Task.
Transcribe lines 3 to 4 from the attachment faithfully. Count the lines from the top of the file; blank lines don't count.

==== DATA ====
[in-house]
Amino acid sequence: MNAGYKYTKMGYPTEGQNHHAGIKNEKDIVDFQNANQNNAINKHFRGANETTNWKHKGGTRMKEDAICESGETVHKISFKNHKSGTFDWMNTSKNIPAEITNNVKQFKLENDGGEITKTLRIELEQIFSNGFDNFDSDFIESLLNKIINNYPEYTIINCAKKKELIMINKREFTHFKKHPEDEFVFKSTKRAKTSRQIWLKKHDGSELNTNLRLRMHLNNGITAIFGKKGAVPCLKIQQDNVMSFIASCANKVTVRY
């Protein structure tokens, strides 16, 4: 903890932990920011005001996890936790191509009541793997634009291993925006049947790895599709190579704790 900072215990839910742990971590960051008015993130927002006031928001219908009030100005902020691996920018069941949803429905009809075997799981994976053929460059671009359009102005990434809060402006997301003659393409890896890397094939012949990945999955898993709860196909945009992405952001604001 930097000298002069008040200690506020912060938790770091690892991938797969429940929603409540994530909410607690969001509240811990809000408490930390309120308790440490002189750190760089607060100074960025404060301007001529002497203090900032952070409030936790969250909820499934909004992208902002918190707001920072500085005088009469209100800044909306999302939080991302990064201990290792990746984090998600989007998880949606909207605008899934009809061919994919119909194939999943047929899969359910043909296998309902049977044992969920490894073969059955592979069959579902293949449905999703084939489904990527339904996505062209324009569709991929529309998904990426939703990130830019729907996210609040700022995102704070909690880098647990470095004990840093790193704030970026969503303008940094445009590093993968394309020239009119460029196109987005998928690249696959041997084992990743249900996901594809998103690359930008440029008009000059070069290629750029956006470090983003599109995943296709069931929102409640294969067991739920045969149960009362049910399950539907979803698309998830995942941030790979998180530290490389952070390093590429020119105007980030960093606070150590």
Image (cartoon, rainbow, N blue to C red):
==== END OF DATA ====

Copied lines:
């Protein structure tokens, strides 16, 4: 903890932990920011005001996890936790191509009541793997634009291993925006049947790895599709190579704790 900072215990839910742990971590960051008015993130927002006031928001219908009030100005902020691996920018069941949803429905009809075997799981994976053929460059671009359009102005990434809060402006997301003659393409890896890397094939012949990945999955898993709860196909945009992405952001604001 930097000298002069008040200690506020912060938790770091690892991938797969429940929603409540994530909410607690969001509240811990809000408490930390309120308790440490002189750190760089607060100074960025404060301007001529002497203090900032952070409030936790969250909820499934909004992208902002918190707001920072500085005088009469209100800044909306999302939080991302990064201990290792990746984090998600989007998880949606909207605008899934009809061919994919119909194939999943047929899969359910043909296998309902049977044992969920490894073969059955592979069959579902293949449905999703084939489904990527339904996505062209324009569709991929529309998904990426939703990130830019729907996210609040700022995102704070909690880098647990470095004990840093790193704030970026969503303008940094445009590093993968394309020239009119460029196109987005998928690249696959041997084992990743249900996901594809998103690359930008440029008009000059070069290629750029956006470090983003599109995943296709069931929102409640294969067991739920045969149960009362049910399950539907979803698309998830995942941030790979998180530290490389952070390093590429020119105007980030960093606070150590």
Image (cartoon, rainbow, N blue to C red):